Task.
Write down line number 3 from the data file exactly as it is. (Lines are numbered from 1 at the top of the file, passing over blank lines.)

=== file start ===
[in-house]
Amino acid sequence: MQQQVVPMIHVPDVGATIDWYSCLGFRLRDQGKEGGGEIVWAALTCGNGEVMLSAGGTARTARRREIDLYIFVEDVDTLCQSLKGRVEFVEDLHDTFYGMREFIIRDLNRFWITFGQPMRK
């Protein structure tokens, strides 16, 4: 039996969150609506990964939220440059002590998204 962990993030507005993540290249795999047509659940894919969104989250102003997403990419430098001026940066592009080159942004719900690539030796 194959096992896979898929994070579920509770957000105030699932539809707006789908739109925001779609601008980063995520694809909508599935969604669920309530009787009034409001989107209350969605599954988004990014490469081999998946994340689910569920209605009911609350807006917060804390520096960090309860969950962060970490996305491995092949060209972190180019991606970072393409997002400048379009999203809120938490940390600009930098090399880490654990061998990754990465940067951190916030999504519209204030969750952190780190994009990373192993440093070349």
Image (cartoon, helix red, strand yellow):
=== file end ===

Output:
């Protein structure tokens, strides 16, 4: 039996969150609506990964939220440059002590998204 962990993030507005993540290249795999047509659940894919969104989250102003997403990419430098001026940066592009080159942004719900690539030796 194959096992896979898929994070579920509770957000105030699932539809707006789908739109925001779609601008980063995520694809909508599935969604669920309530009787009034409001989107209350969605599954988004990014490469081999998946994340689910569920209605009911609350807006917060804390520096960090309860969950962060970490996305491995092949060209972190180019991606970072393409997002400048379009999203809120938490940390600009930098090399880490654990061998990754990465940067951190916030999504519209204030969750952190780190994009990373192993440093070349």